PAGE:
By Nick Simonson
The heat and sun of summertime is perfect for warming up waters and pinning bass in places that give them the shade, ambush points and access to shallow food they need to bulk up for the coming cold-water season. Nothing fits the bill for such a haunt like the sprawling dock complexes that have become commonplace on many area largemouth lakes. However, not all docks are created equal, and knowing what to look for, how to fish them and what line and lures to use makes all the difference in bringing to hand the big ones, and only finding smaller fish or getting skunked.
A Complex Matter
Thirty years ago, an angler would have been hard-pressed to find the variety of massive docks that make up most shoreline structure seen today. Most water accesses were a single stretch of metal-and-wood that either rolled out or lifted off the water for the cold-weather months. Now, with many lake homes having a pontoon, a fishing boat, a jet ski and perhaps even more watercraft options, docks are designed to serve as storage places for all these big kid toys. With that, the Us and Ts and bends and platforms in modern dock complexes open up more real estate for largemouth bass to hide under and increase the targets available to anglers. Where a single stretch of dock once housed maybe one nice fish, it’s not unusual to find two or three big bucketmouths taking up late-summer residence in these sprawling struictires. Target those bigger dock complexes with a number of casts for the best chance at success and give smaller docks a passing flip or two before moving on.
Get In There
Zipping casts deep into the dock complex is the best way to get after the biggest bass, which typically hide at the center of the structures. This requires a little practice, a little patience and a little bit of luck when firing off that ideal sidearm sling. Work on skipping baits under docks with little obstruction and plenty of clearance before going after tighter areas with less distance between the metal of the dock or boat lift and the surface of the water. Load and release the rod with a sidearm motion to fling baits so they skip along the surface and under the dock. Make sure the boat is positioned just right to provide the best angle for the cast and wait until the moment is right to offer up a bait that skitters into position. Bang the dock, or fall short and big bass at the back may get spooked, so be patient as the boat gets close and in position.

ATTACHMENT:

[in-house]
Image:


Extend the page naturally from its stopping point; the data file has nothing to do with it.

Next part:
Proper Tackle & Power
Utilize smooth-bodied plastics, like bass tubes and hydrodynamic lures, to get the most skip out of each cast and maximize the distance reached under each dock complex and its components. Make sure weights are pegged to the line so they don’t slide or shift the bait’s center of gravity on the cast and disrupt the skittering landing.
A strong, abrasion-resistant line will help get a hooked bass back from a jungle of metal posts and frames below the surface and will help with bite detection. Use superlines like Berkley Fireline in 20-pound test to weather the stress of dock fishing. Once the solid take of a bass is felt, set the hook hard and power the fish out of the structure and attempt to steer it clear of any posts in one motion with some fast-and-furious cranking on the reel.
With these tips and suggested lures, it’s easy to find success in the numerous and sprawling dock complexes that surround edges of area waters. Hit them with precision and the right gear, and the summer bass fishing will be as hot as the weather!